Johan Barthold Jongkind, ‘Street Scene in Paris in Winter: Rue Notre-Dame-des-Champs’, 1874, Gallery 19C

Arriving in Paris in 1844, a decade before the dramatic changes initiated by Baron Georges-Eugène Haussmann (1809-1891) had begun, and wintering in the city long after the boulevards and gaslights had been created and installed, Johan Jongkind witnessed a landscape in a state of rapid flux and motion.[3] The pictures that he produced during these historic years reveal the work of Paris’s urban transformation and the changing fabric of the city, through a variety of atmospheric conditions and formal effects.[4] In Street Scene in Paris in Winter, Jongkind presents a panoramic view of a well-known site in the 6th arrondissement, the Rue Notre-Dame-des-Champs. Far from a topographical portrait, however,[5] Jongkind’s painting provides insights into the artist’s influential aesthetic and technical processes, and into the temperament of Paris at mid-century as well.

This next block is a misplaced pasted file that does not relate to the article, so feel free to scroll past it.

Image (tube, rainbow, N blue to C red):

Jongkind’s years in Paris began in the studio of Eugène Isabey (1803-1886), and, from 1848, with regular submissions to the annual Salon.[6] By 1849, however, the artist was already veering away from the conventions of academicism and toward a more avant-garde approach. Pictures of a single subject, made at different times of day and year, began to appear regularly in his oeuvre, in watercolor, ink, and oil,[7] and unusual vantage points became a hallmark of his art. Street scenes in particular, each precisely dated, were painted in an exuberantly impressionistic style that few in Paris could ignore: “[They] give the idea of sketches dashed off in a few hours,” Zola observed, “for fear of letting the first impression escape. The truth is that the artist works his canvases at length, to arrive at this extreme simplicity and unheard-of finesse; everything happens in his eye, in his hand.”[8] These innovative paintings, with their short, small strokes of color, sensitivity to the transience of light and shadow, and preoccupation with the idea of the “series,” or group, would influence an entire generation of Impressionist painters in France, but perhaps none so profoundly as Camille Pissarro (1830-1903) and Claude Monet (1840-1926).[9] Pissarro’s fourteen pictures of the Boulevard Montmartre, for example, painted from a room at the Grand Hôtel de Russie during the last decade of his life, depict the iconic thoroughfare from every meteorological point of view.